real and certain in one case as in the other. He who occasion a great deduction from the public estimate had no right to steal the African can have none to of worth of character. When both these atrocities sell him. From him who is known to have no right are abolished, and but for the page of history for. to sell, another can have no right to buy or to pos- gotten, that page will make a wide difference besess. Sale, or gift, or legacy, imparts no right to tween those wbo aided the abolition, and those who me, because the seller, or giver, or bequeather, had obstructed it. The one will be ranked amongst the none himself. The sufferer has just as valid a claim Howards that are departed, and the other amongst to liberty at my hands as at the hands of the ruffian those who, in ignorance or in guilt, have employed who first dragged him from his home.—Every hour their little day in inflicting misery upon mankind. of every day, the present possessor is guilty of injustice. Nor is the case altered with respect to those who are born on a man's estate. The parents were never the landholder's property, and therefore the child is not. Nay, if the parents had been rightfully slaves, it would not justify me in making slaves of
CHAPTER XIX. their children. No man has a right to make a child a slave, but himself. What are our sentiments upon kindred subjects? What do we think of the justice of the Persian system, by which, when a state offender CAUSES OF WAR.-Want of enquiry. Indifference to human is put to death, his brothers and his children are misery: National irritability : Interest : Secret motives of
Cabinets : [deas of glory-Foundation of military glory. killed and mutilated too? Or, to come nearer to the
CONSEQUENCES OF WAR.-Destruction of human life : Tars. point, as well as nearer home, what should we say of tion : Moral depravity: Familiarity with plunder : Implicit a law which enacted, that, of every criminal who was
submission to superiors: Resignation of moral agency :
Bondage and degradation-Loan of armies_Effects on the sentenced to labour for life, all the children should
community be sentenced so to labour also ? --- And yet, if there LAWFULNESS OF WAR.-Influence of habit—of appealing to anis any comparison of reasonableness, it seems to be
tiquity-The Christian Scriptures-Subjects of Christ's bene
diction- Matt. xxvii. 52.--The Apostles and Evangelists in one respect in favour of the culprit. He is con- The Centurion-Cornelius-Silence not a proof of approdemned to slavery for his crimes: the African, for bation-Luke xxii. 36.- John the Baptist-Negative evidence another man's profit.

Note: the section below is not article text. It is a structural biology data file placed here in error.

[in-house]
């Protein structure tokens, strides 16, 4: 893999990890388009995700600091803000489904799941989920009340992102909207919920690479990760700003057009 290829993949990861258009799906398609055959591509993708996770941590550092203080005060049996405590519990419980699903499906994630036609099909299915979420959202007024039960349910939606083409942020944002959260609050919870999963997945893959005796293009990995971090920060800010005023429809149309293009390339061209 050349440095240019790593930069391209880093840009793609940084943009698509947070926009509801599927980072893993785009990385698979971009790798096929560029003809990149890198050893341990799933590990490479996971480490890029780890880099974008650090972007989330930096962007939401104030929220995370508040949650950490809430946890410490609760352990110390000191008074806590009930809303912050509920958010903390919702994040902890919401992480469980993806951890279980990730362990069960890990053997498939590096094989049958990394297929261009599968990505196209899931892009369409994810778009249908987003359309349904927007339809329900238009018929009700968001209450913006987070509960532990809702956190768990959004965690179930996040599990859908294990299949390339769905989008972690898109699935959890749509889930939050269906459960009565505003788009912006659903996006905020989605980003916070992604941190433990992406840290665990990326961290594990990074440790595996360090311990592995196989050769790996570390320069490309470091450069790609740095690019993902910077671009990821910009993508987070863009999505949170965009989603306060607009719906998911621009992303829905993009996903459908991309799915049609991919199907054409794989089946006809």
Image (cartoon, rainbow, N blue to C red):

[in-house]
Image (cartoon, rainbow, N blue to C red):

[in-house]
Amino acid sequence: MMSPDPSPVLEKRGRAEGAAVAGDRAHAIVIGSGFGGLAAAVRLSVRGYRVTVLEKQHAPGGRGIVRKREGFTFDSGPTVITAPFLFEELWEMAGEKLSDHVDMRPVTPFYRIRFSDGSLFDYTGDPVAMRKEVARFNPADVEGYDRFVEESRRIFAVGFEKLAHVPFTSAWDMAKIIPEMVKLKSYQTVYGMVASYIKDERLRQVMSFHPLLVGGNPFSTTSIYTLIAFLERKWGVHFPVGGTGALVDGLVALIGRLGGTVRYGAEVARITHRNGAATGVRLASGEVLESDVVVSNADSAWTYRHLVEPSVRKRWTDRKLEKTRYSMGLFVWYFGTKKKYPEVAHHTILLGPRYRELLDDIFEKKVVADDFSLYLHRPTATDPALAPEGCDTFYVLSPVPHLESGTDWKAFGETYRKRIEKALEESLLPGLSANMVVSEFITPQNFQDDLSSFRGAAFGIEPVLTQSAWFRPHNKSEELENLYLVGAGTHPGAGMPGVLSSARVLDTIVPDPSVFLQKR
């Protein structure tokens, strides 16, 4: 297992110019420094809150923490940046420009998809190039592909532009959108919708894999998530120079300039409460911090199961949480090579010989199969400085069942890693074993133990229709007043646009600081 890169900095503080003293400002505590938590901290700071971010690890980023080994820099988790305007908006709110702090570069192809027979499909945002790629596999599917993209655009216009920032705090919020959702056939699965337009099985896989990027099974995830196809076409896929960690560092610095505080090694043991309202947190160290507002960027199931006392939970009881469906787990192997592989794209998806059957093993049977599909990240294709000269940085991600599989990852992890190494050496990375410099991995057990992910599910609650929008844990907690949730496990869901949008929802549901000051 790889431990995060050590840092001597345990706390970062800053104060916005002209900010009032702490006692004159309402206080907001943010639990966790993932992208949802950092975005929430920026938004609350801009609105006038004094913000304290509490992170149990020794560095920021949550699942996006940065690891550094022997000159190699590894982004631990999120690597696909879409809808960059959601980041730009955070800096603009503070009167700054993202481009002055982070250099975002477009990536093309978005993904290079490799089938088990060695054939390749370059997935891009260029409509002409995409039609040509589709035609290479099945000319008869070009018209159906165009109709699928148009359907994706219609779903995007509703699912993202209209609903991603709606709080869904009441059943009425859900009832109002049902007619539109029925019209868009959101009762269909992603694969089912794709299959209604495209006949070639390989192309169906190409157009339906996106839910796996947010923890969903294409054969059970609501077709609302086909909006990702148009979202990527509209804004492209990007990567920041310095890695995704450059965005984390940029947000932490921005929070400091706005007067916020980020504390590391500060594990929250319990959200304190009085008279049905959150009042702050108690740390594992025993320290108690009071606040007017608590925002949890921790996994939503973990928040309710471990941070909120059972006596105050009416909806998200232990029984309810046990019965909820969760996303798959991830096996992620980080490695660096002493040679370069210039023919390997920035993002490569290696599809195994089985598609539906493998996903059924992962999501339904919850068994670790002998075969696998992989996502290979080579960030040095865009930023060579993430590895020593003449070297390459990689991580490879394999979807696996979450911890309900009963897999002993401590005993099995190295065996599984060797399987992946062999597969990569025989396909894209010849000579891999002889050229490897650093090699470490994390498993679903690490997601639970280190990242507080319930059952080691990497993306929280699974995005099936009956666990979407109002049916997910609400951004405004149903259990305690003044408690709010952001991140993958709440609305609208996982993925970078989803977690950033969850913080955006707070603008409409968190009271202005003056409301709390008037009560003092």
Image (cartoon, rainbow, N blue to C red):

-Prophecies of the Old Testament–Therequisitions of Chris
tianity of present obligation-Primitive Christians–Example That any human being who has not forfeited his
and testimony of early Christians-Christian soldiers--Wars liberty by his crimes, has a right to be free—and of the Jews--Duties of individuals and nations-Offensive that whosoever forcibly withholds liberty from an
and defensive war-Wars always aggressive-Paley--War
wholly forbidden. innocent man, robs him of his right and violates the OF THE PROBABLE AND PRACTICAL EFFECTS OF ADHERING TO Moral Law, are truths which no man would dispute
THE MORAL LAW IN RESPECT to War.-Quakers in America
and Ireland -Colonization of Pennsylvania-Unconditional or doubt, if custom had not obscured our percep
reliance on Providence-Recapitulation-General Obser tions, or if wickedness did not prompt us to close vations. our eyes.
The whole system is essentially and radically bad: It is one amongst the numerous moral phenomena - Injustice and oppression are its fundamental prin- of the present times, that the enquiry is silently yet ciples. Whatever lenity may be requisite in speak- not slowly spreading in the world—Is War compte ing of the agent, none should be shown, none should tible with the Christian religion? There was a pebe expressed for the act. I do not affirm or imagine riod when the question was seldom asked, and when that every slaveholder is therefore a wicked man ;- war was regarded almost by every man both as inebut if he be not, it is only upon the score of igno. vitable and right. That period has certainly passed
If he is exempt from the guilt of violating away; and not only individuals but public societies, the Moral Law, it is only because he does not per- and societies in distant nations, are urging the quesceive what it requires. Let us leave the deserts of tion upon the attention of mankind. The simple the individual to Him who knoweth the heart; of circumstance that it is thus urged contains no irra. his actions, we may speak; and we should speak in tional motive to investigation: for why should men the language of reprobation, disgust, and abhorrence. ask the question if they did not doubt; and how,
Although it could be shown that the slave system after these long ages of prescription, could they is expedient, it would not affect the question, whe- begin to doubt, without a reason? ther it ought to be maintained ?-yet it is remark. It is not unworthy of remark, that whilst disquiable that it is shown to be impolitic as well as bad.sitions are frequently issuing from the press, of which We are not violating the Moral Law because it fills the tendency is to show that war is not compatible our pockets. We injure ourselves by onr own trans- with Christianity, few serious attempts are made to gressions. The slave system is a custly iniquity both show that it is. Whether this results from the cir. to the nation and to individual men. It is matter cumstance that no individual peculiarly is interested of great satisfaction that this is known and proved; in the proof-or that there is a secret consciousness and yet it is just what, antecedently to enquiry, we that proof cannot be brought-or that those who should have reason to expect. The truth furnishes may be desirous of defending the custom, rest in one addition to the many evidences, that, even with security that the impotence of its assailants will be